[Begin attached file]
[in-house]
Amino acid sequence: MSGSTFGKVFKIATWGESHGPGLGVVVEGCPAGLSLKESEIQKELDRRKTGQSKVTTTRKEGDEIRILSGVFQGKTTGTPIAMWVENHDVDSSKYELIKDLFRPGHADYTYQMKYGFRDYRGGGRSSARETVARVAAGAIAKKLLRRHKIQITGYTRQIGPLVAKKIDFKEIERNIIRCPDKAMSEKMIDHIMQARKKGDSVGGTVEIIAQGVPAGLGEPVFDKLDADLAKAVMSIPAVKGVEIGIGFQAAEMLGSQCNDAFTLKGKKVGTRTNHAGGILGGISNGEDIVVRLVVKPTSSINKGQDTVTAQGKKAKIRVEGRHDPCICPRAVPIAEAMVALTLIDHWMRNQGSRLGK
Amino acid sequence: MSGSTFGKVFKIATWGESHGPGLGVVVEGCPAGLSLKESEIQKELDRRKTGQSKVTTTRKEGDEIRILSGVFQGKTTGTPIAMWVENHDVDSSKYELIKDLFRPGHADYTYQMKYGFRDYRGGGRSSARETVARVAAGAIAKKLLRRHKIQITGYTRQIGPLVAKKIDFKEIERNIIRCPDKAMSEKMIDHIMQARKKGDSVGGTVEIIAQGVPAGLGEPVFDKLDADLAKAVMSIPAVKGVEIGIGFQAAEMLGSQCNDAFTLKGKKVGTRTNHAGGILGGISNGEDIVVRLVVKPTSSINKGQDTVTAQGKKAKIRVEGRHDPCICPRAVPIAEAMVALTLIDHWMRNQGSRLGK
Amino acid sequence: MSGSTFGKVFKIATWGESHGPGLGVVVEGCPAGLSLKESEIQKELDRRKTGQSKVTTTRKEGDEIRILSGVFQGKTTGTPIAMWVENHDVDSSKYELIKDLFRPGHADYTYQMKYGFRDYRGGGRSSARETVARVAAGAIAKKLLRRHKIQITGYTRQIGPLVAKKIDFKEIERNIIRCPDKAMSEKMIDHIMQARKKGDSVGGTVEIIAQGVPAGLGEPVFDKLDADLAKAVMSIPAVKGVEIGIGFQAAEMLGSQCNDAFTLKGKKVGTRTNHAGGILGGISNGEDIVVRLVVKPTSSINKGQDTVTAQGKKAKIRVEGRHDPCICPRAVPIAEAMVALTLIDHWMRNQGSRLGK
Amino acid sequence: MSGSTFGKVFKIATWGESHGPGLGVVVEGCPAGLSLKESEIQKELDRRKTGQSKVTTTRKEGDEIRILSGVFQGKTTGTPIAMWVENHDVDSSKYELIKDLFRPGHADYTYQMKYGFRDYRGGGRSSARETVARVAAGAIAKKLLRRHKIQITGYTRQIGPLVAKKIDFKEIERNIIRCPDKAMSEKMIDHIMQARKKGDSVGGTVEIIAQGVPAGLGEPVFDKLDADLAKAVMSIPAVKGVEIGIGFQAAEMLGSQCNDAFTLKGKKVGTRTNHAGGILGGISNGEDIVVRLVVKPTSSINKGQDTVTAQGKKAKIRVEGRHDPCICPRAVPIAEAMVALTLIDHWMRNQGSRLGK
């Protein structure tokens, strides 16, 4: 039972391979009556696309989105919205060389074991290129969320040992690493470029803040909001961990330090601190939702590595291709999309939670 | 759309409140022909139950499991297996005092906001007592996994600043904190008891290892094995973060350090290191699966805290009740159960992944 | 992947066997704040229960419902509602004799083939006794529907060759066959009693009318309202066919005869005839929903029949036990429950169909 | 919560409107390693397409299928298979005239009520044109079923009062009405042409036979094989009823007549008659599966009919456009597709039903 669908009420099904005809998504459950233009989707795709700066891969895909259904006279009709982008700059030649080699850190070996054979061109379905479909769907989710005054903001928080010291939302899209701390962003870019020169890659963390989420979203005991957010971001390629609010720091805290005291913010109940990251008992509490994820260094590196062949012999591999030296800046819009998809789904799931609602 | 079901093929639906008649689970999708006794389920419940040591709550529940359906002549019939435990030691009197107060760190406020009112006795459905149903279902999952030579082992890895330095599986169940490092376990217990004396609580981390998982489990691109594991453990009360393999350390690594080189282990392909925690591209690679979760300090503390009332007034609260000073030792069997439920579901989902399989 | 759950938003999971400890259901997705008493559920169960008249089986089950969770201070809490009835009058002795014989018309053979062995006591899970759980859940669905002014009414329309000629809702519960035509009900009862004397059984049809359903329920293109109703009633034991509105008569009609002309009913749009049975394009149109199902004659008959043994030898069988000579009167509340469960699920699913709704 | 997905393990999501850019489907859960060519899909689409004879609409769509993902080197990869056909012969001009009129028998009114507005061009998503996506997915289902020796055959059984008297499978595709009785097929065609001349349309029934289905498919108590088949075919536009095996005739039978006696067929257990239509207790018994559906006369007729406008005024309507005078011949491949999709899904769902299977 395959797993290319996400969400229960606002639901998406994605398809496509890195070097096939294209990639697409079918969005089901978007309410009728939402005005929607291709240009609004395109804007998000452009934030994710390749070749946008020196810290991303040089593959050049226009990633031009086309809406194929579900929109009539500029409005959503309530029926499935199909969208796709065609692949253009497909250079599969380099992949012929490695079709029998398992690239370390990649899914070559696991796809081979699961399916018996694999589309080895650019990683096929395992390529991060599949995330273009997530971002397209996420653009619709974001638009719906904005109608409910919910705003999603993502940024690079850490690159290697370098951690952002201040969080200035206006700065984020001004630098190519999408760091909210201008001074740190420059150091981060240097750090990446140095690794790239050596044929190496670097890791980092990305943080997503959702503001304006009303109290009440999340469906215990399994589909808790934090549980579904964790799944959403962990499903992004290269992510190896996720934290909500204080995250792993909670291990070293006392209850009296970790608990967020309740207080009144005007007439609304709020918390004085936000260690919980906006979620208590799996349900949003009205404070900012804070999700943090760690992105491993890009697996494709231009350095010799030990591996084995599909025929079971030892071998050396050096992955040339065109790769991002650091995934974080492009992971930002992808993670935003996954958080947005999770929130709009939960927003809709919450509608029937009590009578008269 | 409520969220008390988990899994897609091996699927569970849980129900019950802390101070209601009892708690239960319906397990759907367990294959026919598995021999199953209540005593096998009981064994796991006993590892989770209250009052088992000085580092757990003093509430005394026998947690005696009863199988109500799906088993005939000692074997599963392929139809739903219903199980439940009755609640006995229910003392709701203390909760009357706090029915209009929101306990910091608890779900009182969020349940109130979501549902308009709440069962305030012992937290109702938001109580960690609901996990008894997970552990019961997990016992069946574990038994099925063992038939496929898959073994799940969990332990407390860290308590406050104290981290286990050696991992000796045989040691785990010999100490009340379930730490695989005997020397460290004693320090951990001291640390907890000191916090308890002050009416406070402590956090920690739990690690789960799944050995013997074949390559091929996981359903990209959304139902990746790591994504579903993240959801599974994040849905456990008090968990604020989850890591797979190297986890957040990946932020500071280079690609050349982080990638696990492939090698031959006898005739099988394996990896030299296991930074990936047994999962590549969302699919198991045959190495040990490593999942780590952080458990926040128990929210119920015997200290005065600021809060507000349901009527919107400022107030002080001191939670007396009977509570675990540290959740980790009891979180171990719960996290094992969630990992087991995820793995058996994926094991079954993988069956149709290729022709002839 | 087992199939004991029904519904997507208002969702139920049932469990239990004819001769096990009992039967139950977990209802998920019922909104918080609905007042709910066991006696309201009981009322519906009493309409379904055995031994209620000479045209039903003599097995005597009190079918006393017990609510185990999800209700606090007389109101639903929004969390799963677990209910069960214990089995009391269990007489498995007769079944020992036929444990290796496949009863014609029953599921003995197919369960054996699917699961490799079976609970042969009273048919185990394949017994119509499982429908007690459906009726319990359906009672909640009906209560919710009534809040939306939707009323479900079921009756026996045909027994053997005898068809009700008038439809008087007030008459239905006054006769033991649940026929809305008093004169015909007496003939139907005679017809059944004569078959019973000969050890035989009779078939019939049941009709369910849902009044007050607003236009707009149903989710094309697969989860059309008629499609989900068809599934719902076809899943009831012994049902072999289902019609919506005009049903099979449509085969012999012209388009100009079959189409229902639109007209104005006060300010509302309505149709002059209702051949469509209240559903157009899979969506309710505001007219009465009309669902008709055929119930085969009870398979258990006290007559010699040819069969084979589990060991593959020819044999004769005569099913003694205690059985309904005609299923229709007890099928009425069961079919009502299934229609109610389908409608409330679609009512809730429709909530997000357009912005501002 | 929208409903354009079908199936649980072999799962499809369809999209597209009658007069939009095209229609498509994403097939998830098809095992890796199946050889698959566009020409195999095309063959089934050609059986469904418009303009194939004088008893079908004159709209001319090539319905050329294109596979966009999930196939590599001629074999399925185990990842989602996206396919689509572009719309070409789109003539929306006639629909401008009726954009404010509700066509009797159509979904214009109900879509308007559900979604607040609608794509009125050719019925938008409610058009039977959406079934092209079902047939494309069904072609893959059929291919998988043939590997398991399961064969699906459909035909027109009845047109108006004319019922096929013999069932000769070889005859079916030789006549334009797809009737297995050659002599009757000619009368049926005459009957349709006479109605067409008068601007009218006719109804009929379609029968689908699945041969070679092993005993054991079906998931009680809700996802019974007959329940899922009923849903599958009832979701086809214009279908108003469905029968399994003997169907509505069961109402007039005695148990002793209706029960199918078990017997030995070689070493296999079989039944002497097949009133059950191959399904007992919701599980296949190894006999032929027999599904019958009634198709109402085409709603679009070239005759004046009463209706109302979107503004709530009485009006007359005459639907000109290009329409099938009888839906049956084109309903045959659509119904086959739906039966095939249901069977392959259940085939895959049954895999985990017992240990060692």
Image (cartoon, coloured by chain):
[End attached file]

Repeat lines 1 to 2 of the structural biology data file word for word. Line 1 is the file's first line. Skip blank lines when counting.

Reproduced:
[in-house]
Amino acid sequence: MSGSTFGKVFKIATWGESHGPGLGVVVEGCPAGLSLKESEIQKELDRRKTGQSKVTTTRKEGDEIRILSGVFQGKTTGTPIAMWVENHDVDSSKYELIKDLFRPGHADYTYQMKYGFRDYRGGGRSSARETVARVAAGAIAKKLLRRHKIQITGYTRQIGPLVAKKIDFKEIERNIIRCPDKAMSEKMIDHIMQARKKGDSVGGTVEIIAQGVPAGLGEPVFDKLDADLAKAVMSIPAVKGVEIGIGFQAAEMLGSQCNDAFTLKGKKVGTRTNHAGGILGGISNGEDIVVRLVVKPTSSINKGQDTVTAQGKKAKIRVEGRHDPCICPRAVPIAEAMVALTLIDHWMRNQGSRLGK